And as a bonus for bodybuilders, this method of autoregulation is extremely robust against errors in load selection. We build muscle across a wide rep range, provided sets are taken close to failure. It doesn't much matter whether we complete 6 or 16 reps per set. The ascending effort tri-set structure helps you take every set close to failure while managing your fatigue.

Do the multi-joint exercise first. This exercise is the most technically demanding and trains the greatest amount of muscle mass, so you'll want to be fresh.

The second exercise is an isolation exercise related to the movement pattern. This should be the lower priority isolation exercise for your training goals.

The third exercise is also an isolation exercise related to the primary movement pattern, but it trains a high-priority muscle group. This muscle group receives some relative rest during the second exercise, allowing for partial recovery.

Isolation exercises train less complex movement patterns and less muscle mass and may be taken to closer to failure with reduced residual fatigue.

So let's say you're doing an upper-body pull tri-set, and your goal is to build a broad, barn-door back. You might begin with lat pulldowns (compound exercise), place EZ-bar curls second (isolation, a lower priority), and straight-arm pulldowns last (isolation, a high priority for large lats).

Lifters with physique goals commonly aim for 10-20 weekly working sets per muscle group. If programming traditional sets with 2-3 minute rest intervals between each, you'd better clear your schedule. Alternatively, busy lifters might consider tri-sets, which accumulate a lot of volume in a short time period.

Traditionally, tri-sets and compound sets have been considered advanced training methods. Newbies can make gains from sparse programming, so why subject them to the risks of undue fatigue and repetition failure?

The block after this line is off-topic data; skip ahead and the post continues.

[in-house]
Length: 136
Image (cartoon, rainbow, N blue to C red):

Although experienced lifters typically know how to handle repetition failure safely, they're not spared from the consequences of accumulated fatigue. These consequences may include suboptimal training adaptations, sleep issues, mood disturbances, and more.

Using autoregulation with tri-sets will help you avoid inappropriate programming caused by fatigue and other life stressors. Newbies and seasoned lifters can use RIR to make time-efficient tri-set training structure more user-friendly.

That said, autoregulated tri-set training is still best for those who have experience taking sets close to failure, have adequate cardiovascular capacity, and have little or no need to demonstrate peak performance within 24 hours of the training session.

Tri-sets can be a powerful tool when pressed for time. Ascending effort tri-sets will help ensure that you can come back for more.

  1. González-Badillo JJ et al. The importance of movement velocity as a measure to control resistance training intensity. J Hum Kinet. 2011 Sep;29A:15-9.
  2. Hackett DA et al. Accuracy in estimating repetitions to failure during resistance exercise. J Strength Cond Res. 2017 Aug;31(8):2162-2168.
  3. Iversen VM et al. No Time to Lift? Designing time-efficient training programs for strength and hypertrophy: A Narrative Review. Sports Med. 2021 Oct;51(10):2079-2095.
  4. Helms ER et al. Rating of perceived exertion as a method of volume autoregulation within a periodized program. J Strength Cond Res. 2018 Jun;32(6):1627-1636.
  5. Weakley JJ et al. The effects of traditional, superset, and tri-set resistance training structures on perceived intensity and physiological responses. Eur J Appl Physiol. 2017;117(9):1877–1889.
Merrick Lincoln is a Michigan-based Doctor of Physical Therapy, Assistant Professor of Kinesiology at Saginaw Valley State University, a strength and conditioning coach, and sports science researcher. Follow on Instagram